If you’re Irish you’ll know that someone special to Irish people everywhere left the planet over the weekend – Jack Charlton.
For those reading this that have never heard of him, Jack was an English coal-miner’s son who became a professional footballer and won the soccer World Cup with England in 1966.
It can be difficult to talk about gratitude in a business context.
I think it’s because it’s seen as a soft skill but also business is usually a lot about solving and preventing problems.
And when you’re consumed with problems it’s easy to be consumed with everything that’s ‘wrong’, which kind of makes the whole gratitude thing more difficult…
Last Thursday something happened that brought a lot of joy to some of my friends and clients.
Liverpool became the champions of England’s Premier League soccer competition for the first time in 30 years.
For them it has been the longest of waits.
Twenty years ago I was a young executive working with a large multi-national and I was keen to make an impression. At one point I was given responsibility to bring new robotic technology into an aspect of the business. It was exciting but also challenging as there were multiple challenges to making a success of the project.
“You mean I’m doing it to myself?, the leader said.
We were in the middle of an advisory/coaching session and my client had been telling me repeatedly about the difficult situation they found themselves in – and the challenging people they had to deal with.
Yet this was a re-curring theme over the months we had worked together i.e. there was always something or someone annoying them…
“There’s a few reasons why I don’t see it happening”
These were the words spoken by a smart woman I was working with a few years ago, in response to me asking if she thought she could ever be a CEO.
She was very convincing in her argument as to why she couldn’t get to the top spot.
But it turned out that despite her comments she actually had a huge desire to get to the role.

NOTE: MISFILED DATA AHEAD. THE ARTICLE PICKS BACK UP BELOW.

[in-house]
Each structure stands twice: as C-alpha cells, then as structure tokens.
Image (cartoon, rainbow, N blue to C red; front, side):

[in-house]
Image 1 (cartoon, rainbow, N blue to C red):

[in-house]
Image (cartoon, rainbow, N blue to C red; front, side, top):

With everything going on, it feels strange to say I took a few days off… but I did.
It was a bank holiday in Ireland, so I bolted on some extra time and enjoyed the incredible sunshine. And it was a complete switch off – so much so, I even gave myself permission not to send an email on Monday! 🙂
But not to let me completely off the hook this week, here’s something a little different.
What many people don’t realise is that optimism can be learned. And now is the time to step into it. (See ‘Learned Optimism’ by Martin Seligman)
What if you believed a much better future was coming? And that you could help create it?
We need to be in touch with reality. But we also need to be positive shapers of the future.
Unless you’ve been living under a rock, you’ve most likely heard of ‘Normal People’, the Irish drama based on Sally Rooney’s best-selling novel.
The BBC series of the book has become a smash hit around the world, breaking all sorts of records. For example, the new series received 16.2 million views in it’s first week on the BBC streaming service. The opening week record was previously held by the first season of Killing Eve, which received 10.8 million total requests in its first week.
I wasn’t going to watch it until a friend of mine I wouldn’t have expected to like it, said he really did. So I was curious.
I’ve written before about our family dog, Sparky, who had anxiety separation whenever he lost sight of my wife, Judy.
Unfortunately for us, he came to the end of his journey on this planet last Friday. It was clear he was really struggling and he took a bad turn in the early hours of Friday morning.
So we made the decision as a family to send him to sleep.
If you’ve ever had a dog you really loved, I’m sure you know how tough that is.